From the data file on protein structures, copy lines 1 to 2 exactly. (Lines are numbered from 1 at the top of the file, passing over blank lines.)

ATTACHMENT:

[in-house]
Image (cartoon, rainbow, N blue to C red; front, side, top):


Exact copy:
[in-house]
Image (cartoon, rainbow, N blue to C red; front, side, top):